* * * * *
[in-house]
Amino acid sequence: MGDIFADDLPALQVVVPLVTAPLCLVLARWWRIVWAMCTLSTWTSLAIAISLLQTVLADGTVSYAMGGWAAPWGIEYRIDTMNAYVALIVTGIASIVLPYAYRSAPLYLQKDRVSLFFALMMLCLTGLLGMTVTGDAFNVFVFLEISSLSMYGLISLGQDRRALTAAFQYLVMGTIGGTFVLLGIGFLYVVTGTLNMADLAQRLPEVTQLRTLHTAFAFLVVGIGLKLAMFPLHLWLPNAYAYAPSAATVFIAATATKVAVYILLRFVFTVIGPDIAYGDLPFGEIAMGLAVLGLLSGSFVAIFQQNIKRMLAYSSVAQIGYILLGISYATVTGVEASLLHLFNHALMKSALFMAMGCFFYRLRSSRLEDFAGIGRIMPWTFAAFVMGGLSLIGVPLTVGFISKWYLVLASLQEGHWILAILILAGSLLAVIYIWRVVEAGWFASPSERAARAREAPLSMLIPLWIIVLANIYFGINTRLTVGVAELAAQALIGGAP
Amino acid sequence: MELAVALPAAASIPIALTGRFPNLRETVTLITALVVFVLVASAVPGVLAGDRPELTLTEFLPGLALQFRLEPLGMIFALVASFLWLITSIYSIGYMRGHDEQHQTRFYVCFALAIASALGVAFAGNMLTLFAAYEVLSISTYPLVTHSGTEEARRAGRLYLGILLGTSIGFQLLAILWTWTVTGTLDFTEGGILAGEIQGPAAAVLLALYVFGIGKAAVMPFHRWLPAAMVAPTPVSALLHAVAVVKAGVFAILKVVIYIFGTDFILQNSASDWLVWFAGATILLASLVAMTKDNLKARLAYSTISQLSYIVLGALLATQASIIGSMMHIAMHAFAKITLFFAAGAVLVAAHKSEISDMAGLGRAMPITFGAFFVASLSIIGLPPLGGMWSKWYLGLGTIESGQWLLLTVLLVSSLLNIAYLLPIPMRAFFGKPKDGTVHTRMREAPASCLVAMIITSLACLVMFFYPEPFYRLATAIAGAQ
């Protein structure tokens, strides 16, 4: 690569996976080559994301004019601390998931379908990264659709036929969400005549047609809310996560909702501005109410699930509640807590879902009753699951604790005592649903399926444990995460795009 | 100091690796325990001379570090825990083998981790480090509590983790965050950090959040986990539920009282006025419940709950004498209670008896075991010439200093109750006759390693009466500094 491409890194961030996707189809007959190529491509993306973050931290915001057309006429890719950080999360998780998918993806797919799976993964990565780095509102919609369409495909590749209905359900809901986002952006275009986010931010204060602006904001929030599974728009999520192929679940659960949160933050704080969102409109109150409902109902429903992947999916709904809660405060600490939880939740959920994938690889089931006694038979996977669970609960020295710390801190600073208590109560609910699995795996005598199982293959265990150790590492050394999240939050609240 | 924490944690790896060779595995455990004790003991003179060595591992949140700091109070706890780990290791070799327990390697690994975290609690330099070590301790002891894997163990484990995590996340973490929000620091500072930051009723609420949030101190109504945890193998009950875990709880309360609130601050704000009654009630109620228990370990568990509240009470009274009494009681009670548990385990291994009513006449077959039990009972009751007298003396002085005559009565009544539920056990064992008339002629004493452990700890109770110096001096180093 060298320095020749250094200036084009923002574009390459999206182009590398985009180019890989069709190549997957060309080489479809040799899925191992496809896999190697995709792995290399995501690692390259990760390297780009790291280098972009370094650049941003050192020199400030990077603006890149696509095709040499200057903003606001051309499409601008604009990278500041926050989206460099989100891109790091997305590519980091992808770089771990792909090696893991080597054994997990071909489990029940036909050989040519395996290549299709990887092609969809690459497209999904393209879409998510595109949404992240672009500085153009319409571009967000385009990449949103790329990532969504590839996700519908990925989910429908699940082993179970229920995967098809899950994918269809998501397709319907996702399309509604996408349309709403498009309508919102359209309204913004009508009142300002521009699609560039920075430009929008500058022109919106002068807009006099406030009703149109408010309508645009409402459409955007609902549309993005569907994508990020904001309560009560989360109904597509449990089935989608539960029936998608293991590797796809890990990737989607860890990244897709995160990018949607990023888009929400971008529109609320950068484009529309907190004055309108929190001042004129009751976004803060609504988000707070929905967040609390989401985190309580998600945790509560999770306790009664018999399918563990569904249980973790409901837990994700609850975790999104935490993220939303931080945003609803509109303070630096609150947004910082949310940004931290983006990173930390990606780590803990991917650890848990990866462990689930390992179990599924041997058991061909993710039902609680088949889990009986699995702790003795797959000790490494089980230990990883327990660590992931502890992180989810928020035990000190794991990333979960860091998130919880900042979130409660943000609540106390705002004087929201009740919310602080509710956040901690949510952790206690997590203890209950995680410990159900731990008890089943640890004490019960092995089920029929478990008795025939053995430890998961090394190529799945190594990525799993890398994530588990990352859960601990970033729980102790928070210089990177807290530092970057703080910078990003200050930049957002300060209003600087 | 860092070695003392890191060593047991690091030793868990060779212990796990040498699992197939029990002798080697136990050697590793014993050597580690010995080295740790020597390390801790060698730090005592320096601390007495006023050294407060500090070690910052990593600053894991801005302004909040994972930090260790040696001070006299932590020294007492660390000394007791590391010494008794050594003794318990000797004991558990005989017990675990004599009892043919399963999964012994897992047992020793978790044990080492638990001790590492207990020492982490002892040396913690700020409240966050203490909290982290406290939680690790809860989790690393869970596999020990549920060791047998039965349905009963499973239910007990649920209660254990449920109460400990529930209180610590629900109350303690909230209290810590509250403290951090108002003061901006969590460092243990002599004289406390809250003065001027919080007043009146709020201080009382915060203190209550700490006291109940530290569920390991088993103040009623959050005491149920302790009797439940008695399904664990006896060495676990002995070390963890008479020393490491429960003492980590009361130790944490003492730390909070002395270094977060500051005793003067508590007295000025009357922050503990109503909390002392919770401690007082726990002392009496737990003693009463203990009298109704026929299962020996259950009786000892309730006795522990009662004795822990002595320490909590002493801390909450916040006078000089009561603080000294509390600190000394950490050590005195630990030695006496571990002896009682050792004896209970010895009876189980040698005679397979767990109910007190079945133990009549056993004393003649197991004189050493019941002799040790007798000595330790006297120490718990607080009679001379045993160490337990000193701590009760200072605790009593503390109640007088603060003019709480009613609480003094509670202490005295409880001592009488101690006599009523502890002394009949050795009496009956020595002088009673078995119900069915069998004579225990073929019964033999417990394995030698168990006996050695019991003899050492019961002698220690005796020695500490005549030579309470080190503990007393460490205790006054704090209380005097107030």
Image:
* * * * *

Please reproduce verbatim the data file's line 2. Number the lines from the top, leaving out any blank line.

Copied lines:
Amino acid sequence: MGDIFADDLPALQVVVPLVTAPLCLVLARWWRIVWAMCTLSTWTSLAIAISLLQTVLADGTVSYAMGGWAAPWGIEYRIDTMNAYVALIVTGIASIVLPYAYRSAPLYLQKDRVSLFFALMMLCLTGLLGMTVTGDAFNVFVFLEISSLSMYGLISLGQDRRALTAAFQYLVMGTIGGTFVLLGIGFLYVVTGTLNMADLAQRLPEVTQLRTLHTAFAFLVVGIGLKLAMFPLHLWLPNAYAYAPSAATVFIAATATKVAVYILLRFVFTVIGPDIAYGDLPFGEIAMGLAVLGLLSGSFVAIFQQNIKRMLAYSSVAQIGYILLGISYATVTGVEASLLHLFNHALMKSALFMAMGCFFYRLRSSRLEDFAGIGRIMPWTFAAFVMGGLSLIGVPLTVGFISKWYLVLASLQEGHWILAILILAGSLLAVIYIWRVVEAGWFASPSERAARAREAPLSMLIPLWIIVLANIYFGINTRLTVGVAELAAQALIGGAP